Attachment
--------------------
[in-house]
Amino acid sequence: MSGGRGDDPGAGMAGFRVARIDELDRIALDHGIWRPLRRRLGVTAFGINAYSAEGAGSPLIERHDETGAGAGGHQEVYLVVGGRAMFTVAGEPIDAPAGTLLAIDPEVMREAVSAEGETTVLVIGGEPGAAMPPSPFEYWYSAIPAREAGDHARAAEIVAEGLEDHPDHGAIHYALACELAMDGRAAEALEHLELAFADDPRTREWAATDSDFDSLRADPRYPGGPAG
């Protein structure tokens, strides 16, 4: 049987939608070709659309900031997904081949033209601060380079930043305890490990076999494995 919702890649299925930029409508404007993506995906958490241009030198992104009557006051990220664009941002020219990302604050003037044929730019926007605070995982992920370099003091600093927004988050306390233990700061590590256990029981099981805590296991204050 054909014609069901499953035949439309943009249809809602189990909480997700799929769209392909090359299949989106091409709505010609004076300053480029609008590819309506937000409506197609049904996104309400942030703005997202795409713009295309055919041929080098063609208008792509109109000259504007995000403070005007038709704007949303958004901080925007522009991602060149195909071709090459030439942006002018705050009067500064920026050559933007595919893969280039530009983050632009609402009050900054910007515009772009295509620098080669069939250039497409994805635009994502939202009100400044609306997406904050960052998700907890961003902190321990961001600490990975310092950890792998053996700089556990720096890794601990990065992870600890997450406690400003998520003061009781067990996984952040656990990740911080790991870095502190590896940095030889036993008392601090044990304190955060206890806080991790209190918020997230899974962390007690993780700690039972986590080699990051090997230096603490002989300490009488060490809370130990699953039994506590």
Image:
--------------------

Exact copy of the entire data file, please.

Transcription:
[in-house]
Amino acid sequence: MSGGRGDDPGAGMAGFRVARIDELDRIALDHGIWRPLRRRLGVTAFGINAYSAEGAGSPLIERHDETGAGAGGHQEVYLVVGGRAMFTVAGEPIDAPAGTLLAIDPEVMREAVSAEGETTVLVIGGEPGAAMPPSPFEYWYSAIPAREAGDHARAAEIVAEGLEDHPDHGAIHYALACELAMDGRAAEALEHLELAFADDPRTREWAATDSDFDSLRADPRYPGGPAG
């Protein structure tokens, strides 16, 4: 049987939608070709659309900031997904081949033209601060380079930043305890490990076999494995 919702890649299925930029409508404007993506995906958490241009030198992104009557006051990220664009941002020219990302604050003037044929730019926007605070995982992920370099003091600093927004988050306390233990700061590590256990029981099981805590296991204050 054909014609069901499953035949439309943009249809809602189990909480997700799929769209392909090359299949989106091409709505010609004076300053480029609008590819309506937000409506197609049904996104309400942030703005997202795409713009295309055919041929080098063609208008792509109109000259504007995000403070005007038709704007949303958004901080925007522009991602060149195909071709090459030439942006002018705050009067500064920026050559933007595919893969280039530009983050632009609402009050900054910007515009772009295509620098080669069939250039497409994805635009994502939202009100400044609306997406904050960052998700907890961003902190321990961001600490990975310092950890792998053996700089556990720096890794601990990065992870600890997450406690400003998520003061009781067990996984952040656990990740911080790991870095502190590896940095030889036993008392601090044990304190955060206890806080991790209190918020997230899974962390007690993780700690039972986590080699990051090997230096603490002989300490009488060490809370130990699953039994506590």
Image: